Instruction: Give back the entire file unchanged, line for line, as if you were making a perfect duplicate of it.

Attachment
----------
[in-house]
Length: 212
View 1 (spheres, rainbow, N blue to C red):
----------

[in-house]
Length: 212
View 1 (spheres, rainbow, N blue to C red):